This recent unpublished opinion from California’s Fifth Appellate District is interesting for tenant grape growers and their landlords who may want to terminate a lease.  In Pyle v. Moles, et al., the court was faced with an appeal by a landlord who had rented 118 acres of grape vineyards to a tenant and lost a court battle over whether he had the right to consider the crop abandoned and sell it to Gallo when he made the determination that the tenant had abandoned the crop.

The tenant rented the vineyards for growing wine grapes or raisins, whichever the tenant saw fit. 

The lease provided that the tenant would “farm said land in a farmerlike manner according to best farming methods practiced in this vicinity.”  Under its terms, the tenant would harvest and sell the crop, either as raisins or as wine grapes.  The landlord was to receive as rent, “22.5% of the proceeds of the sales of the said crop” along with payment for the cost of electricity to run the irrigation pumps.

The landlord did not see the tenant at the property and was informed that the tenant had stopped paying the person the tenant had hired to irrigate the vineyards. The landlord considered the lease terminated and sold the grapes in the vineyard to E&J Gallo Winery and didn’t tell the tenant about it.  The tenant sold the same crop to another company as a raisin crop. 

The tenant had a lender who filed a UCC financing statement registering an interest in the crop.  The landlord made a written demand on the tenant for payment of the electricity, the tenant paid some money and the landlord sent a letter stating that the lease was terminated for “substandard farming practices”.  The landlord told the tenant not to come onto the vineyard anymore and when the tenant wouldn’t leave, the landlord called the sheriff to remove him.

The landlord harvested the grapes and delivered them to Gallo.  Gallo filed an interpleader action (this is a legal action where a party with money says that they’re holding it, and they know it’s someone else’s but they need a court to determine to whom it belongs – basically, “I know it isn’t mine, so Court, here it is and you can decide”) against the landlord, the tenant and the lender.  The landlord and the tenant each brought claims stating that the money was theirs.  And the trial court found for the tenant.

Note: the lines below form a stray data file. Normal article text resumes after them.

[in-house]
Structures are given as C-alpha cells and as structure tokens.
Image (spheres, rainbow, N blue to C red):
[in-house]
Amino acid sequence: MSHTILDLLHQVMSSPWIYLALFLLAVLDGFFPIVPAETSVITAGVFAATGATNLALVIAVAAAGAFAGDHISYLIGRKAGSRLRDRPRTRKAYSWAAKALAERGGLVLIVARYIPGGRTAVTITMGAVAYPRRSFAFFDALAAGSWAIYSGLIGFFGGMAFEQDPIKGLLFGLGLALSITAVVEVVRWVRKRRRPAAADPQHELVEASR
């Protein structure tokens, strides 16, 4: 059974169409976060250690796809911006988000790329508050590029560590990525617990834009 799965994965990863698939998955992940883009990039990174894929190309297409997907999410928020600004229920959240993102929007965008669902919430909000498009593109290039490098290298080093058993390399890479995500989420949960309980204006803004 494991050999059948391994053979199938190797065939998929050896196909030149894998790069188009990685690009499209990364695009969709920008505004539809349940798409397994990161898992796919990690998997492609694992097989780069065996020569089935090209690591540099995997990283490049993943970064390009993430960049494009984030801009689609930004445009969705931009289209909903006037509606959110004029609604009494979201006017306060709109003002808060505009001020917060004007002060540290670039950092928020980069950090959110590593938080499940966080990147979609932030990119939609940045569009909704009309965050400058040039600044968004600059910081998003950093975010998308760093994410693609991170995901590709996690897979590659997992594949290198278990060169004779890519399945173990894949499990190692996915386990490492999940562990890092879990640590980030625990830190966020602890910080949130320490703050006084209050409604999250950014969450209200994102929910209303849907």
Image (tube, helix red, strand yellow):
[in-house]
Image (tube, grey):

On appeal, the appellate court upheld the finding for the tenant stating that the evidence supported a finding that the tenant didn’t abandon the crop.  The tenant had hired someone to irrigate, and although he had not paid them, he didn’t tell them to stop performing the irrigation.  The tenant had (as in previous years) sold the crop to a raisin packer.  When the landlord demanded the electricity payment, the tenant made partial payments that the landlord accepted.  The landlord had also complained that the tenant had not adequately weeded the property and the tenant attempted to go onto the property to remedy the situation, but was prevented from doing so by the landlord.  The court found that all these actions showed that the tenant intended to continue the tenancy.

Because the tenant had not abandoned the crop, and the landlord’s efforts at cancelling the lease didn’t comply with the law (there was no offer to cure the alleged lease defaults and no legal process was initiated to effect an eviction) the grapes belonged to the tenant when the landlord harvested them and delivered them to Gallo.

This opinion reads like a story that we only have a glimpse of an it seems like there’s more to the back-story than we’re being told.  The briefs are here: the appeal brief, the response, and the reply.  The short information here shows that a landlord needs to comply with legal process for an eviction or with the terms of the lease for termination.  A tenant needs to continue some efforts under the lease to show that there’s no abandonment.